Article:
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עמוד בית
Mon, 27.05.24

Original Articles

IMAJ | volume 17

Journal 3, March 2015
pages: 137-140

The Familial Mediterranean Fever (FMF) 50 Score: Does it Work in a Controlled Clinical Trial? Re-Analysis of the Trial of Rilonacept for Patients with Colchicine Resistant or Intolerant FMF

    Summary

    Abstract

    Background:

    The familial Mediterranean fever 50 score (FMF50) score was recently devised to define response to treatment and as an outcome measure for clinical trials of FMF.

    Objectives:

    To examine the performance of the FMF50 score in a previously published trial of rilonacept for patients whose FMF was resistant or intolerant to colchicine.

    Methods:

    We reanalyzed the data from our controlled trial of rilonacept vs. placebo in 14 patients with colchicine-resistant or intolerant FMF using the FMF50 score as the primary outcome. The FMF50 score required improvement by ≥ 50 in five of six criteria (attack frequency, attack duration, global patient assessment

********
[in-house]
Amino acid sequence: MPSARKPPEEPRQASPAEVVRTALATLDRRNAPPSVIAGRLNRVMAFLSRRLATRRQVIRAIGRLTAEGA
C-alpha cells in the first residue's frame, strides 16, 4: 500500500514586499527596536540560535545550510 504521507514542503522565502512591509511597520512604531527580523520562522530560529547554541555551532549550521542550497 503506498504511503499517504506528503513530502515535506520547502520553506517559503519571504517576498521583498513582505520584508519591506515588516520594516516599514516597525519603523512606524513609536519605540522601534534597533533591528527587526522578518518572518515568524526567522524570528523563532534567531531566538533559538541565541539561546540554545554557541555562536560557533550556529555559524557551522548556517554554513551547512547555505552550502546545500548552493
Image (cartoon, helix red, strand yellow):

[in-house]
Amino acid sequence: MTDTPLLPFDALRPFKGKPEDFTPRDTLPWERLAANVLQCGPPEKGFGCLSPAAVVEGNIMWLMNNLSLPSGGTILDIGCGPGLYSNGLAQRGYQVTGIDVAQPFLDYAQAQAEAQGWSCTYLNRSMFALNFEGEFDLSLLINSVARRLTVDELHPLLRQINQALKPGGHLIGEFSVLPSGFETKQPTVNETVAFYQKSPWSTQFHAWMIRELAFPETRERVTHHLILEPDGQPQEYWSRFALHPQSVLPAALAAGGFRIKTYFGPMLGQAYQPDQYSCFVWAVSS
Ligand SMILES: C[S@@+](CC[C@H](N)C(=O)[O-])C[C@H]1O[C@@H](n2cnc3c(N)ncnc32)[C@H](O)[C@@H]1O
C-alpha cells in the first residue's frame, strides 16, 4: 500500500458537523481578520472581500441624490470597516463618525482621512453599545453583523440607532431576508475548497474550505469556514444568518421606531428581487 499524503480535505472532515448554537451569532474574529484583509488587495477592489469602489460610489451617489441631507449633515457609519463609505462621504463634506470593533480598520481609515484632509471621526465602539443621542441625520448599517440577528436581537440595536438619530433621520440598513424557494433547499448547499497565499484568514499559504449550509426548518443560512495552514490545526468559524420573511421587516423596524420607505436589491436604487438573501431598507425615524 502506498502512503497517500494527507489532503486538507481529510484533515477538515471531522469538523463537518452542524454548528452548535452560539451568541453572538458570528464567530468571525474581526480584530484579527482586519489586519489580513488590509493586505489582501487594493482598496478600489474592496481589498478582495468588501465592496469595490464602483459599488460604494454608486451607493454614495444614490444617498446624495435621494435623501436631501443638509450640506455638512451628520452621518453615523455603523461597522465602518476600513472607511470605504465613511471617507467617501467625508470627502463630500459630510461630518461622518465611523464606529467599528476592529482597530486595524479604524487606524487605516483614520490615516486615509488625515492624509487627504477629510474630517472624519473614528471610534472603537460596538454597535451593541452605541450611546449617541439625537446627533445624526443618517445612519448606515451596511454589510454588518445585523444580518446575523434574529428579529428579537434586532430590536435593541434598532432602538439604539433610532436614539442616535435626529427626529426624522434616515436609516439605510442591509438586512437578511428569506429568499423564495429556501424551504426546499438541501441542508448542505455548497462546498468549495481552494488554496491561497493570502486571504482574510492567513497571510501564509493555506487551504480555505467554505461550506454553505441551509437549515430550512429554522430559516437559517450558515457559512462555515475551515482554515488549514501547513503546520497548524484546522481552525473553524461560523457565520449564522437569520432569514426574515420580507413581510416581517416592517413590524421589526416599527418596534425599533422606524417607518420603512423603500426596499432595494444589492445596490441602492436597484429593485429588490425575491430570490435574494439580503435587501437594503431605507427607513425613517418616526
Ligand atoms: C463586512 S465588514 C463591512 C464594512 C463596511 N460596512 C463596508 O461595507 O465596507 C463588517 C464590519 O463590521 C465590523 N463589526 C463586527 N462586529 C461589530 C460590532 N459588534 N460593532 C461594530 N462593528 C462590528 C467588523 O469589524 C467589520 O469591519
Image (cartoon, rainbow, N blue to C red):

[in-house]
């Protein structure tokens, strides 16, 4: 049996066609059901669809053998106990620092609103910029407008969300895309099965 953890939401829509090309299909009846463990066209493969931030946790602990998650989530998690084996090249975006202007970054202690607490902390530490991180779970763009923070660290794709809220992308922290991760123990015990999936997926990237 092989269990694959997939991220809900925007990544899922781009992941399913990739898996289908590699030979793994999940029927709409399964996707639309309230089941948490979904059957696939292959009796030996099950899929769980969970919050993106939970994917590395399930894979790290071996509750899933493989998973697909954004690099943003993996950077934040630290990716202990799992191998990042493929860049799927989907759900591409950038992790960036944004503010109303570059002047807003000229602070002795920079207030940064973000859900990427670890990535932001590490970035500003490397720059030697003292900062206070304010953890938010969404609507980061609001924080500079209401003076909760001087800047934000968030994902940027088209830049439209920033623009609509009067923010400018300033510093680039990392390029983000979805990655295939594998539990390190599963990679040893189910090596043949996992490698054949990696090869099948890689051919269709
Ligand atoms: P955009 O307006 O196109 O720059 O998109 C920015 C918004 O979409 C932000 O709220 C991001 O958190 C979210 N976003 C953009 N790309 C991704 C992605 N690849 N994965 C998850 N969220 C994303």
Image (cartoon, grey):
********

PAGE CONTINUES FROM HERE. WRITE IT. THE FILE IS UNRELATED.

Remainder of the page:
,

    global physician assessment, frequency of attacks with arthritis, and levels of acute-phase reactants without worsening of the sixth criterion).

    Results:

    In the original trial rilonacept was considered effective according to the primary outcome measure (differences in the attack frequency) with eight analyzable patients considered responders and four as non-responders. According to the FMF50 score, only two participants would have been considered responders to rilonacept, and one to placebo. Only two participants had ≥ 50% differences between rilonacept and placebo in five criteria. The major explanation for non-response to treatment was that with rilonacept the duration of attack decreased by ≥ 50% in only 2 participants and 5 participants had no attacks of arthritis either during screening (before randomization) or during treatment with rilonacept.

    Conclusions:

    The proposed FMF50 score did not differentiate well between responders and non-responders compared to the a priori defined primary outcome measure in this successful controlled study. 

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